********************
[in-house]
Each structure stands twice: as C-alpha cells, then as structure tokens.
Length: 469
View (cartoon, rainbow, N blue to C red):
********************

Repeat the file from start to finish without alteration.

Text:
[in-house]
Each structure stands twice: as C-alpha cells, then as structure tokens.
Length: 469
View (cartoon, rainbow, N blue to C red):